Protesters in Barcelona wave flags and banners depicting Catalan separatist politicians during a general strike in response to jail sentences given to the separatists by Spain’s Supreme Court, 18 October 2019. Nine Catalan pro-independence leaders were given jail terms for sedition in relation to the 2017 independence referendum. (Photo by Jeff J Mitchell/Getty Images)


Spanish Socialists ready to amnesty Puigdemont and other convicted Catalan separatists, their own leaders claim


Exiled Spanish MEP Carles Puigdemont may be closer to getting his way regarding a new amnesty law.

On September 19, the Catalan Left signalled that acting Prime Minister Pedro Sánchez’s Spanish Government might be ready to grant amnesty to the convicted separatist and others.

Oriol Junqueras, the president of the Esquerra Republicana (ERC) party, said the ruling PSOE had already committed to pass legislation that would make the amnesty possible.

According to Junqueras, the PSOE made that pledge in exchange for its support in the election for the presidency of the Spanish Congress.

“We made the PSOE commit to end repression with all legal means possible,” Junqueras told media in front of the Spanish Parliament on September 19. “Without a doubt, that includes the amnesty.”

He added that the legislation must include “everyone who has been unjustly persecuted for crimes not codified in law”.

Despite the unclear constitutional status of the amnesty, Junqueras insisted that “the government has enough mechanisms and tools” to push forward with implementing the ruling.

Sánchez pardoned Junqueras in 2021 for his involvement in the Catalan separatist events of 2017.

In addition, Sánchez has reportedly made an offer to Puigdemont already. According to analysts, the PSOE would be willing to grant amnesty to the convicted separatists.

Its only condition is that Puigdemont’s Junts per Catalunya party does not demand a self-determination referendum. That likely would allow the PSOE to “sell” the proposal to the Spanish public, despite the opposition inside and outside the party.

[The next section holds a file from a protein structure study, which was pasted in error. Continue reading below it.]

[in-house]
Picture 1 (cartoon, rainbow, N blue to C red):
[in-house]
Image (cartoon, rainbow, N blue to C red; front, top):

Puigdemont and Junqueras argue that their 2017 Declaration of Independence and referendum did not violate the law.

Junqueras added that he “will not repent for something that was not a crime”.

“To vote is not a crime.”

In addition to the amnesty, the separatist parties demand that the government “forgoes the use of the justice system” against them.

The progressive Sumar party of acting Deputy Prime Minister Yolanda Díaz has been negotiating with Puigdemont to look for this “political” alternative.

Díaz and Puigdemont met in the European Parliament headquarters on September 5, one day before the Waterloo-based fugitive announced his conditions to support a potential Sánchez bid for premiership re-election.

Díaz said recently that any “amnesty can only come from a historic agreement”.

On the other side of the spectrum, Alberto Núñez Feijóo – nominated by the  Spanish King as the official candidate for premier as the leader of the largest single party – said: “Sánchez does not have the people’s consent to promise an amnesty or a referendum.”

Other leaders from the centre-right Partido Popular (PP) echoed Feijóo’s statement. The highly popular president of the Madrid region Isabel Díaz Ayuso said that “Puigdemont has brought Sánchez to his knees”.

Both the PP and Catalan civil society organisations are organising major gatherings in Madrid and Barcelona to protest against the possible amnesty.